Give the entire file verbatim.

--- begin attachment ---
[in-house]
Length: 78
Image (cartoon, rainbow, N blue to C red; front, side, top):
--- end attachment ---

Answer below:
[in-house]
Length: 78
Image (cartoon, rainbow, N blue to C red; front, side, top):